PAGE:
where IL and IR are the sample groups of left and right nodes subsequently splitting. For getting the significance of all split nodes from the tree, it is computed as significance of node comparative variables from XGBoost method. A significance of all split nodes is determined as:
where l signifies the indicator function that is connected to squared-influence, vt denotes the split variable related to node t, and stands for the empirical enhancement of square error produced by the split, is determined as:
where and are the mean of weight of left and right children node of t, wl and wr are sum of weights. For a set of DTs , boosting is attained by the generalization of the average over every tree from the sequence. So, Eq. (24) is redefined as:
4 Performance Validation
This section validates the performance of the proposed model. The simulation process take place using Python 3.6.5 tool and the results are examined. A detailed comparative results analysis is performed to highlight the superior performance of the proposed model.
A set of confusion matrices generated by the DLECG-CVD model on the classification of five classes under three different runs are shown in Fig. 3. Figs. 3a–3c depicts the confusion matrix produced by the DLECG-CVD model on the classification of CD class labels under execution run 1. Figs. 3d–3f depicts the confusion matrix produced by the DLECG-CVD model on the classification of HYP class labels under execution run 1. Figs. 3g–3i depicts the confusion matrix produced by the DLECG-CVD model on the classification of MI class labels under the execution run 1. Figs. 3j–3l depicts the confusion matrix produced by the DLECG-CVD model on the classification of NORM class labels under the execution run 1. Figs. 3m–3o depicts the confusion matrix produced by the DLECG-CVD model on the classification of STTC class labels under the execution run 1.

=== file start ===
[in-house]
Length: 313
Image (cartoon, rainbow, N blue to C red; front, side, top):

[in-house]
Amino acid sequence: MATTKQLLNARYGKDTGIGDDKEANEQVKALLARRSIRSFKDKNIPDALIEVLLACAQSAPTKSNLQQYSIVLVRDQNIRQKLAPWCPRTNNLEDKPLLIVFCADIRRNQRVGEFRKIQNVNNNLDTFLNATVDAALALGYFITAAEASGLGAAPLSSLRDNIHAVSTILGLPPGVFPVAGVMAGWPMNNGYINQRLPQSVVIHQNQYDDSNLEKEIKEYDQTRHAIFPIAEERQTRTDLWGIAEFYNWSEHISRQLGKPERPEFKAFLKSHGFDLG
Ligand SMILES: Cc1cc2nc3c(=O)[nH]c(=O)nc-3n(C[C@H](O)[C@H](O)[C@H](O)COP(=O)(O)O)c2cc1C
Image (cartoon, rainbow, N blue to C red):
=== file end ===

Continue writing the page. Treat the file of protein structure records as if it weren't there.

A brief ECG recognition analysis of the proposed DLECG-CVD model under different runs is shown in Tab. 1. The resultant values demonstrated that the DLECG-CVD model has effectively classified all the different classes of the ECG signals under distinct runs.
Fig. 4 depicts the ECG recognition result analysis of the DLECG-CVD model under execution run 1. The DLECG-CVD model has classified the CD class with the sens. of 0.9769, spec. of 0.5746, accuracy of 0.8924, precision of 0.8962, F-measure of 0.9348, and kappa of 0.2862. In addition, the DLECG-CVD model has classified the HYP class with the sens. of 0.9989, spec. of 0.6487, accuracy of 0.9616, precision of 0.9597, F-measure of 0.9789, and kappa of 0.3643. Also, the DLECG-CVD model has classified the MI class with the sens. of 0.9917, spec. of 0.5054, accuracy of 0.8998, precision of 0.8959, F-measure of 0.9414, and kappa of 0.2802. Additionally, the DLECG-CVD model has classified the NORM class with the sens. of 0.7178, spec. of 0.8358, accuracy of 0.7818, precision of 0.7868, F-measure of 0.7507, and kappa of 0.1699. Besides, the DLECG-CVD model has classified the STTC class with the sens. of 0.9691, spec. of 0.5277, accuracy of 0.8698, precision of 0.8761, F-measure of 0.9202, and kappa of 0.2582.